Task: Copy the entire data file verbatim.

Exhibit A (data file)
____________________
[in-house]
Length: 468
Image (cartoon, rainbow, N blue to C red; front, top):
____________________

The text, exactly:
[in-house]
Length: 468
Image (cartoon, rainbow, N blue to C red; front, top):